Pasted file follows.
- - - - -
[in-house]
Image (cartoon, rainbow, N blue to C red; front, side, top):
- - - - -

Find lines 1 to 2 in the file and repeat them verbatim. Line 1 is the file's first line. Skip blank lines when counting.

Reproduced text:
[in-house]
Image (cartoon, rainbow, N blue to C red; front, side, top):